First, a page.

This work discusses the land surface–atmosphere interactions during the severe drought of 2008 in southern South America, which was among the most severe in the last 50 years in terms of both intensity and extent. Once precipitation returned to normal values, it took about two months for the soil moisture content and vegetation to recover. The land surface effects were examined by contrasting long-term simulations using a consistent set of satellite-derived annually varying land surface biophysical properties against simulations using the conventional land-cover types in the Weather Research and Forecasting Model–Noah land surface model (WRF–Noah). The new land-cover dataset is based on ecosystem functional properties that capture changes in vegetation status due to climate anomalies and land-use changes.
The results show that the use of realistic information of vegetation states enhances the model performance, reducing the precipitation biases over the drought region and over areas of excessive precipitation. The precipitation bias reductions are attributed to the corresponding changes in greenness fraction, leaf area index, stomatal resistance, and surface roughness. The temperature simulation shows a generalized increase, which is attributable to a lower vegetation greenness and a doubling of the stomatal resistance that reduces the evapotranspiration rate. The increase of temperature has a beneficial effect toward the eastern part of the domain with a notable reduction of the bias, but not over the central region where the bias is increased. The overall results suggest that an improved representation of the surface processes may contribute to improving the predictive skill of the model system.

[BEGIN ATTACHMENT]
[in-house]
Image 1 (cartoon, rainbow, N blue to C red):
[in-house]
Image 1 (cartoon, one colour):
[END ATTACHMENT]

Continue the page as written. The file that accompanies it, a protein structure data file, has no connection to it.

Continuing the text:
Keywords: South America, Atmosphere-land interaction, Climate sensitivity